1. Visually delightful — the squash look fabulous with and in the basket. But more importantly you’ve used that story-tellers magic to take these objects and hang from them a bigger, more abstract, and very important story. I had a sociology lecturer sooo many years ago who did this. He would begin to talk about a single artifact or event and by the end of the class he had us thinking about, and remembering, much bigger issues. Needless to say, I still remember his lectures — and the point of them — vividly. 🙂

      1. That’s a much more creative notion, Su. Thank you. I shall go and fly some flags with my master work. Am having a bit of bother organising the content. Actually, maybe I need some real ones. Flags that is. All the info strung on jolly coloured sheets all round the office. It could work!

      2. That sounds like a plan. An ex-flatmate studied for exams by colour-coding all the material he had to learn and pinning the different coloured sheets of paper to our walls. At the time, I think I could have passed the Organic and Inorganic Chemistry exams he was sitting!

    1. So far it seems unlikely, doesn’t it. Even when we think we’re doing good we cause all manner of chaos from unintended consequences., mostly because we don’t accord those whom we wish to help equal status with ourselves. Or enter into fair negotiations first.

  2. I love the weightiness of your posts in response to challenges (as I may have said before!) The basket is a beauty: however, sending me off to the basket website was an act of cruelty to a woman who is attempting frugality. The combination of basket and squash is an aesthetic triumph which provides some solace in face of yet another example of colonial brutality.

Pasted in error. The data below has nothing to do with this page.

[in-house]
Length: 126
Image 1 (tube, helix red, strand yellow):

1. I worry that I’m leading people into a sense of false security with those pleasing images. I had not originally intended to write the Kariba story – but once I was looking at the basket one thing started leading to another, and I realised that I am actually very angry. The British Empire (and others) have created one big resource grabbing pickle that just goes on and on under ever new guises – whether in Africa or the Middle East, or wherever there’s something to loot. Sorry for tempting you with the basket site.

  3. Oh the ham-fisted entitlement of rich white men. I understand your anger. The baskets of the Batonga are beautiful, and your images incorporating the golden squash also beautiful.
    Alison

      1. Oh I do hope not! I do hope there are enough relatively sane people who will turn things around. I focus on all the grass roots movements and there’s a lot going on that’s encouraging.

      2. I veer between great optimism and great pessimism, especially when one sees what is being done in the developing world with teak plantations and palm oil forests.

  4. A beautiful basket and sad story. How common to find the two items together. It is much the same with Native American art in the US. (On a lighter side, I have to ask. What does grabbing pickle mean??? :))

    1. 🙂 My rather garbled description of the mess the resource-grabbing rich nations have made around other people’s countries 🙂 There are natural resources at the bottom of every conflict it seems.

  5. It’s a beautiful basket and totally adorable squash. Forgive me and my fever-addled brain, but is it “usual” to call squash munchkins? Either way, I love it. Great series and story.

    1. Thank you, Desley Jane. I should have said, shouldn’t I. It’s the name of this particular dinky little variety 🙂 Also good baked whole, I’ve read, but haven’t yet had the heart to try it. They are lining up on the kitchen window sill.

  6. Such a good idea buying their produce on-line!
    It’s a very little help but something is more than nothing….

    We all wonder why this world seems to only be a punishment for many human beings ……
    Love your article and photos , thanks , Tish!

  7. Gotta love The White Race and the things we’ve done to pretty much everyone else. I sometimes want to put a hood over my head so I don’t have to learn about one more horrific thing we’ve done somewhere and how much damage we’ve caused to which people. It’s never-ending. I hope they at least get to use some of the power. At the very least, they are owed that much.